Friday, December 15, 2006
still I tell lies, try to turn around and face it:
So... Rumsfeld has his farewell ceremony at 1:15 this afternoon at the Pentagon, and with his exodus, his handpicked Army chief of staff, General Pete Schoomaker, goes on a bit of a tear:

Warning that the active-duty Army "will break" under the strain of today's war-zone rotations, the nation's top Army general yesterday called for expanding the force by 7,000 or more soldiers a year and lifting Pentagon restrictions on involuntary call-ups of Army National Guard and Army Reserve troops.

Gen. Peter J. Schoomaker, the Army's chief of staff, issued his most dire assessment yet of the toll of the wars in Iraq and Afghanistan on the nation's main ground force. At one point, he banged his hand on a House committee-room table, saying the continuation of today's Pentagon policies is "not right."

I have no doubt that Schoomaker is right in his assessment. But he deserves condemnation for only issuing this warning now that his boss is out the door. In February, when Rumsfeld had to go to the Hill to refute charges of breaking the Army, he brought Schoomaker along for insulation:

General Schoomaker points out that he remembers what a "broken" Army looks like when he was a young officer. The Vietnam War had just ended, the All-Volunteer force was in its infancy, and though we had many fine soldiers and officers, the force was also troubled by multiple problems. The difference between that Army and the professional and motivated force we have today could not be more dramatic.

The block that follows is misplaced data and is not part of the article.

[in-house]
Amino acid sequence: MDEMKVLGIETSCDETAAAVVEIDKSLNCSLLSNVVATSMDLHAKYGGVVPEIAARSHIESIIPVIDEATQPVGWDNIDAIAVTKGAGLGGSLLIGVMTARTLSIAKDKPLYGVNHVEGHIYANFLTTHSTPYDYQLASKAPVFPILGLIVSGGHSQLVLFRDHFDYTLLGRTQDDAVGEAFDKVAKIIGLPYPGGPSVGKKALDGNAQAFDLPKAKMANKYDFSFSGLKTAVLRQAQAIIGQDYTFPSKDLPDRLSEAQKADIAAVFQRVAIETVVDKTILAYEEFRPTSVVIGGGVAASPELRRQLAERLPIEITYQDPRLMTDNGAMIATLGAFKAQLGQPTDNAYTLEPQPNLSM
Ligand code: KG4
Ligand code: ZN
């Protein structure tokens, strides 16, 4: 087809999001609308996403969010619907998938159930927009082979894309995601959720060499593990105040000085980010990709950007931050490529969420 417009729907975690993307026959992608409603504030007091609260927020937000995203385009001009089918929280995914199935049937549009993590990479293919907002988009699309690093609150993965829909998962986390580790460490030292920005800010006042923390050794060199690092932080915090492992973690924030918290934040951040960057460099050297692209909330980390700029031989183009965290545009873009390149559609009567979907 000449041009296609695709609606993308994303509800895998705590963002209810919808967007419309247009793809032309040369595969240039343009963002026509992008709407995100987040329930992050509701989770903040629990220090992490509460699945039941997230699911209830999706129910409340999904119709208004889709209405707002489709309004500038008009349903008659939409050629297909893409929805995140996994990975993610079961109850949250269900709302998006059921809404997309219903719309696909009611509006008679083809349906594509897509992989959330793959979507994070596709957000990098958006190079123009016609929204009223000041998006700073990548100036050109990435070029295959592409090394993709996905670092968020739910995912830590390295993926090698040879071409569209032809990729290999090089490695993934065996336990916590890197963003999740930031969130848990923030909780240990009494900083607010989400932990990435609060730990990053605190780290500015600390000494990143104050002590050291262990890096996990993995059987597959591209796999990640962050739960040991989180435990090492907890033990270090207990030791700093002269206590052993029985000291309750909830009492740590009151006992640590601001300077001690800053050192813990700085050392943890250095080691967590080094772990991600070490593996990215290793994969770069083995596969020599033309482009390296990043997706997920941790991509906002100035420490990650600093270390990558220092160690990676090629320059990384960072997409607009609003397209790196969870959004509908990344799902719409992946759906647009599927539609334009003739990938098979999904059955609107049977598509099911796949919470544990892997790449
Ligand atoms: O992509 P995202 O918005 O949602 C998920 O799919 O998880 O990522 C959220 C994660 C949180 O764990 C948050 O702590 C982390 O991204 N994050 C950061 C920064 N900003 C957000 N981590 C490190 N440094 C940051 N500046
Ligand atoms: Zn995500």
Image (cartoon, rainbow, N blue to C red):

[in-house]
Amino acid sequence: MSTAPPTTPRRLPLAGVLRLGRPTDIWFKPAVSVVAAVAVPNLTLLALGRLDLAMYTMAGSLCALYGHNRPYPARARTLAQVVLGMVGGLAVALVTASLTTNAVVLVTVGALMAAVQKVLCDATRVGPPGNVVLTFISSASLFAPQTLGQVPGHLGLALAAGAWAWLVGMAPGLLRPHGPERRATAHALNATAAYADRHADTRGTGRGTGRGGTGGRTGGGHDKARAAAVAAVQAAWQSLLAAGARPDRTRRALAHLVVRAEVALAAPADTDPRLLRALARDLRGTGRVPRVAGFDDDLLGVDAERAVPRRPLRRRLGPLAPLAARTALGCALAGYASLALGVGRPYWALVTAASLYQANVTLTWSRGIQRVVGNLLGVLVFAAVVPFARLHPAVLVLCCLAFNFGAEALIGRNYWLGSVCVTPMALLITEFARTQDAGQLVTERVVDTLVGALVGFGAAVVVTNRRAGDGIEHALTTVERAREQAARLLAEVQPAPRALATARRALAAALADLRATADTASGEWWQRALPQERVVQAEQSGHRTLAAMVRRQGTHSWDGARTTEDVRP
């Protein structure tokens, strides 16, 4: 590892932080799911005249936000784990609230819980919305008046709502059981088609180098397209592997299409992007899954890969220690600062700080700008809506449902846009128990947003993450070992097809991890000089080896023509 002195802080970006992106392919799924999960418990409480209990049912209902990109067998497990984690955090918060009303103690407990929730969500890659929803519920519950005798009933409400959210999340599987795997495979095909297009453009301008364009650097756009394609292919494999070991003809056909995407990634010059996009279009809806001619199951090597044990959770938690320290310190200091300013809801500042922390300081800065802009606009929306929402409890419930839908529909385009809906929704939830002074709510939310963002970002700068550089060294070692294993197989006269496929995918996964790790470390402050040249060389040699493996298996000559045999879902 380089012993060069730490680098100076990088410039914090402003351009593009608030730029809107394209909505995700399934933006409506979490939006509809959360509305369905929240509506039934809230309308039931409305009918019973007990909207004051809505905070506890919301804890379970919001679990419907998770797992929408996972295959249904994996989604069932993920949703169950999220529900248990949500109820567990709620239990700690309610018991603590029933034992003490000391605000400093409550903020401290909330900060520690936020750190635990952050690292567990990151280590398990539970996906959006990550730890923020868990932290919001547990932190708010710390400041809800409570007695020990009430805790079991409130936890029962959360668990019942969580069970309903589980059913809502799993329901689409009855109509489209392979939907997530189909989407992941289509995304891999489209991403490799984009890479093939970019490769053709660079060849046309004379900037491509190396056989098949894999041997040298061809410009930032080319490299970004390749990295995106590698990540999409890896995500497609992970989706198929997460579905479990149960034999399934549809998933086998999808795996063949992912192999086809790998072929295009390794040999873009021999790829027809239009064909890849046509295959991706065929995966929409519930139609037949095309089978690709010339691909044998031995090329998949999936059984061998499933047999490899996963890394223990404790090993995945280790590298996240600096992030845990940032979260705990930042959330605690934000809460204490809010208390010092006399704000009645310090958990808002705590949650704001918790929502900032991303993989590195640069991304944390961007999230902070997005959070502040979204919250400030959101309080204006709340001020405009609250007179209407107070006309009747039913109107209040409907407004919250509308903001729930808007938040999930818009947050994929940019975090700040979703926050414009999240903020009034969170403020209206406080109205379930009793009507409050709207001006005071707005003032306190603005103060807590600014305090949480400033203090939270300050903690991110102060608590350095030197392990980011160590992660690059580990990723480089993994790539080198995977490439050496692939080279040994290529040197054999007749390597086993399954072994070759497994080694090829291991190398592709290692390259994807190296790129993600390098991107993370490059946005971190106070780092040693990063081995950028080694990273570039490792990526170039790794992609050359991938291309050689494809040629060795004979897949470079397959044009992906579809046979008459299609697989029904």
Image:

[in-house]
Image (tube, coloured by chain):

Similarly, in the late summer of 2005, Schoomaker himself told Joe Galloway of what-was-once-Knight Ridder that the Army was far from the breaking point:

The Army chief, Gen. Peter Schoomaker, told Knight Ridder that many more soldiers are re-enlisting than were expected, and that may help make up some of the difference. Schoomaker acknowledged that while this could help hold the Army level at its current strength of about 500,000, it would not be enough to expand the force by 30,000 more soldiers, as authorized.

He said that the Army is recruiting, or trying to recruit, 165,000 new soldiers every year -- 80,000 for the active duty Army and 85,000 for the Army National Guard and Army Reserve. Schoomaker said the Army clearly faces challenges as it goes through a radical transformation even while it is heavily engaged in fighting the wars in Afghanistan and Iraq -- but he flatly denied that the Army is broken.

Schoomaker deserves no praise for the warning he issued yesterday. The question he needs to face up to -- every morning while he shaves, in fact -- is why he didn't stand up for his soldiers against Rumsfeld.

LATE UPDATE: on TAPPED, Schoomaker's people respond.

--Spencer Ackerman
...and If the military heirarchy makes public dissent impossible, aren't there mechanisms by which military officials can raise their concerns with relevant committees on the hill?

Of course, if the Congress is run by shit-heads, that wouldn't help much either.
Blogger The Special | 11:53 AM

The opposite could also be true: the Army wasn't "broken" then (for certain values of broken) and it isn't now. Schoomaker could just be cynically playing the old Pentagon game of trying to get more resources now that Rumsfeld, who wanted to shrink the Army, is out the door.
Blogger Dylan | 3:33 PM